• The cream must always be cold and the bowl you're using too (put in the fridge first)
Okay, so much for the tricks... now on to the Zabaglione..... The origin of zabaglione is uncertain. It might have originated in Venice (no wonder I love it!..)when this city ruled the Adriatic. Originally, sweet Cyprus wine was used, but with the decline of the Venetian Republic, Marsala wine began to be used instead. Another change in the recipe is the use of sugar instead of honey, the original ingredient. However, there is another school of thought that says this sauce or custard was invented in the 16th Century in Florence, Italy (ok, this is also excellent...) in the Medici Court, and while they classified this dessert as a "caudle" which is a sauce used as a custard to fill pies or tarts. The original pre 16th century version was a drink, wine or ale thickened with egg yolks. In Mexico we have Rompope and "Pollas" which are quite similar but mainly used as a drink....

Classic Zabagione Recipe.- This is the basic sauce:
8 egg yolks
1 cup powdered sugar
1/2 Marsala or Sherry Wine

Place the egg yolks and sugar on top of a double boiler or "bain marie". The water on the bottom part must be slightly boiling and should not touch the bottom part.

Use a wire whisk and whisk the mixture until foamy. Add the wine and continue to cook until it doubles in volume. If you use an instant-read thermometer, it should read 140 degrees F. Beat the mixture for another minute or two. Serve at once. Easy and elegant, what a combination!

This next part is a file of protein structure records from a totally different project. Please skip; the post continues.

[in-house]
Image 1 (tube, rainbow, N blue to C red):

Coffee Mounds.- A light and aromatic presentation with a coffee flavor added which is lovely.
1 1/2 cup sugar
1 tbl coffee grounds
4 egg yolks
2 cups milk
1 cup whipped cream

Crush or grind the coffee grounds. Bring the milk to a boil and let cook 1 min. then add the coffee. Remove from the heat and let it infuse for 1/2 hour. Make a caramel with 1 cup the sugar and 1 tbl of water. Reserve 1/2 cup of sugar. When it's done, add 1/4 cup hot water to the caramel. In a small pot put the 1/2 cup sugar and turn into a hard caramel (you heat it until it becomes golden and stop, reserve). Run the milk through a sieve, add the rest of the sugar and mix well. Pour this over the caramel, now cool, and add the yolks and place on the heat once more on low heat, mixing all the while with a wooden spoon. Remove from the heat when it first comes to a boil. Pass through a sieve and distribute in serving cups. Top with the whipped cream and decorate with caramel threads made from the hard caramel which gets re-heated to decorate but will harden as it cools.

Pastry Knots over Zabaglione.- A traditional dessert in Italy, delicate and smooth.
For the knots:
4-6 cups olive oil for frying
1/2 cup sugar